Must We Persevere In Our Quest for Understanding of Emotion?

Will we ever understand emotion completely? No! However, that should not stop an ardent attempt to solve its mysteries and bring it to its knees, obedient to the purposes we have for our lives.

We should also note that all the questions our emotions raise are important to our understanding of who we are and the spiritual and ethical dimensions of our lives. We cannot simply explain emotions adequately in terms of what happens in our brains when an emotion develops. Emotions fashion our lives.  Therefore they cannot be restricted to a neurological explanation. We understand them best in the context of our lives.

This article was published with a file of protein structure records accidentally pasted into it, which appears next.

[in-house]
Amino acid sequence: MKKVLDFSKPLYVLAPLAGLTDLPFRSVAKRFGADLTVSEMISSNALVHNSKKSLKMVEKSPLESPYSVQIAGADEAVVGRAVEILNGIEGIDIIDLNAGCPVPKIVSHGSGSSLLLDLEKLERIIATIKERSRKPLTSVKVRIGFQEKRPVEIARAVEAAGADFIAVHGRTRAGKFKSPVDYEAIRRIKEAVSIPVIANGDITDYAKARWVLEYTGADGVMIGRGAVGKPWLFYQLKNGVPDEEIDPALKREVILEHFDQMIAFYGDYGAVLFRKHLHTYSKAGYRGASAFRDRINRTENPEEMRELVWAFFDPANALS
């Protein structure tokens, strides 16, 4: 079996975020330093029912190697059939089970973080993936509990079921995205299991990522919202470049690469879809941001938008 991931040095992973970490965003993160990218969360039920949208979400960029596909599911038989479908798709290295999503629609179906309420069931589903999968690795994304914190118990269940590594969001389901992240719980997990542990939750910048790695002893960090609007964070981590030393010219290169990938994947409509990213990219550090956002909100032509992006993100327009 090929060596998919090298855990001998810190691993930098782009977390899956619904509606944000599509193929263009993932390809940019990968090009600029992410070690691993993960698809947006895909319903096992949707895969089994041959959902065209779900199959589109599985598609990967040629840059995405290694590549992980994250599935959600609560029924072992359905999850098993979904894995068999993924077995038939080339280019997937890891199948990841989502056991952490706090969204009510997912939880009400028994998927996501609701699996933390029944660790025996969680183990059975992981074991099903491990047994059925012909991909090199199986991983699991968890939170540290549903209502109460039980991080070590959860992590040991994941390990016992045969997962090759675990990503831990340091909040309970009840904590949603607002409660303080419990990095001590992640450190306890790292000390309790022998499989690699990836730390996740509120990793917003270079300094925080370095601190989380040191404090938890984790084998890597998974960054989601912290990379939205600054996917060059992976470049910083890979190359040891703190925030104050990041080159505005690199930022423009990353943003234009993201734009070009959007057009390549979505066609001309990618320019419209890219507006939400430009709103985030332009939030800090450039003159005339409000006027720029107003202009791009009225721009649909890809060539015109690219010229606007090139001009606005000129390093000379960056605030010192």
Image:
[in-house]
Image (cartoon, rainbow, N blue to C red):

Intelligently Emotional Book CoverMy hope is that this book will lead you, as its content has led many others, to be intelligently emotional. If it helps you to develop the intelligent use of your emotions and a rewarding lifestyle, my labor will not have been in vain.  You can access it HERE.  If you are subscribed to our weekly updates, our next issue will provide a link to purchase it with a 15% discount and free shipping.